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(ARCHIVE) Vol. XVIII No. 26, may 1-15, 2009
Going slow
on saving Pallikaranai Marsh
(By A Staff Reporter)

Despite several promises made to the contrary, efforts by the Government to save the Pallikaranai marsh are making extremely tardy progress. Even the demarcation of what the Government announced in 2007 would be a reserve forest is yet to take place. Environmentalists are concerned at this delay and wonder if the process of conservation and ecological restoration will ever take place.

Can the Pallikaranai Marsh be saved?

If the Government has decided to declare the area as a reserve forest, it needs to hand over the area to the State Forest Department. This needs demarcation of the boundaries of the reserve area by the Revenue Department. But this is yet to take place and the marsh continues to be administered by the Chennai Corporation which has been using it as a rubbish dump and landfill. The northern part of the marsh, where most of the dumping is taking place, has become extremely polluted and needs immediate attention. Summer being the best season for demarcation, as the water levels in the marsh will be low, environmentalists are hoping that action will be forthcoming in the next couple of months. But with the electoral process in full swing, keeping most government officials away on poll duty, it is unlikely that matters will progress much.

The Government in the meanwhile has also been forced to comply with the findings of the special committee appointed by the Madras High Court to go into the issue of dumping and burning of waste in the marsh. The committee had demanded the immediate stoppage of burning of garbage in the neighbouring Perungudi dumpyard. The Corporation has stopped the practice, but the dumping of waste continues regardless.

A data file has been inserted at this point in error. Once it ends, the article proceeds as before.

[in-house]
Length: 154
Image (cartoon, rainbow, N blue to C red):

During the monsoon season, there are further problems facing the marsh. The area serves as a natural drainage for the city and from here to the Buckingham Canal and then to the sea. However, massive reclamation of marshland for real estate development has caused the original extent of the marsh to shrink. The Buckingham Canal has long silted up. The construction of the East Coast Road has blocked off any possibility of the rainwater drainage from the marsh making its way to sea, which is why heavy flooding takes place in the neighbouring areas each monsoon. No long-term solution has been thought of for this problem and development of the area by way of real estate and industrialisation is continuing at will. Conservationists are of the view that the marsh is now only one-tenth of its original extent and the pressure exerted by collected water during monsoons on a shrunk area increases manifold. This can cause breaches and further flooding in several areas.

None of these issues is being addressed at present. Beyond the empty assurance that the area would become a protected forest there has been no action on the ground. Is it all over for the Pallikaranai marsh?


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